A new type of elder abuse has arisen in the form of social media. A series of ProPublica reports several documented cases of nursing home employees taking demeaning photographs and videos of residents and posting them on social media. These abusive incidents are occurring in nursing homes and assisted living facilities with content being posted on social media platforms like Snapchat, Facebook, and Instagram. The employees have posted degrading pictures and videos of residents. They also include images of abuse.
Federal health regulators have announced plans to crack down on the social media nursing home abuse. State health departments help enforce nursing home rules for the federal government. Therefore, the Centers for Medicare and Medicaid Services (CMS) called on state health departments to check that all nursing homes have policies prohibiting staff from taking demeaning photographs of residents. The Centers also asked that state officials quickly investigate such complaints and report offending workers to state licensing agencies for investigation and possible discipline.
Director of the CMS survey and certification group, David Wright, stated in a memo to the state health departments:
Nursing homes must establish an environment that is as homelike as possible and includes a culture and environment that treat each resident with respect and dignity. Treating a nursing home resident in any manner that does not uphold a resident’s sense of self-worth and individuality dehumanizes the resident and creates an environment that perpetuates a disrespectful and/or potentially abusive attitude toward the resident(s).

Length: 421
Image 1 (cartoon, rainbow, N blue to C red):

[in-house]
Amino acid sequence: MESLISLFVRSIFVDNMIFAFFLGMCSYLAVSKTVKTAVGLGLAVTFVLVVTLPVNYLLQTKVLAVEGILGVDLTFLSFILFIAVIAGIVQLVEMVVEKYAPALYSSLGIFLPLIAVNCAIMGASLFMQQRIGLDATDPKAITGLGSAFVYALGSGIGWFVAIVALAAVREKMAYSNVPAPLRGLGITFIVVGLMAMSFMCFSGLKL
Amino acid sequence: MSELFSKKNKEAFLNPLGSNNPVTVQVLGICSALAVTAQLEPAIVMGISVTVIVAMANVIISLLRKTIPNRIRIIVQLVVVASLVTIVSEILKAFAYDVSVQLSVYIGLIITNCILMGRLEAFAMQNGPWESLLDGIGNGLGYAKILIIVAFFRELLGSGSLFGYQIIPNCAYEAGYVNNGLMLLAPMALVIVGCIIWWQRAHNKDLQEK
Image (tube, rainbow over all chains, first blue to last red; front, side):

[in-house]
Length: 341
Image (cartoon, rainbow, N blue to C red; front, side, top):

CMS said that nursing homes have a responsibility to protect the residents’ privacy, to prohibit abuse, to provide training on how to prevent abuse, and to investigate all allegations of abuse. If nursing homes fail to do so, they can face citations, fines, and possibly termination from the Medicare program.
Also, Senator Charles Grassley of Iowa called on other federal agencies to take action addressing this problem. He sent letters to the Department of Justice and to the Office for Civil Rights within the Department of Health and Human Services asking that rules and protections be put in place to prevent and punish these types of abuses. He also called on social media companies to pay more attention to these posts. Nursing homes are legally obligated to keep their residents free and safe from abuse.
ProPublica has identified 47 instances of social media nursing home abuse since 2012. Some states have taken harsh steps to prevent social media nursing home abuse while others have not. In Iowa, it was discovered that no state law existed to prevent certain demeaning photos from being posted. Officials are trying to change this. In Indiana, social media nursing home abuse has not been a problem. Indiana’s nursing homes strive to provide the best care to their residents, while protecting them from possible cases of abuse.
When cases of social media nursing home abuse do happen, the federal government has set uniform standards for how such cases should be written up by investigators and the severity of discipline that should be meted out. Facilities around the nation are receiving training to respond swiftly when allegations are brought to light. Many facilities have decided to ban the use or possession of cell phones by employees when in resident areas. Raising awareness about this type of abuse will help to prevent it from happening as often in the future.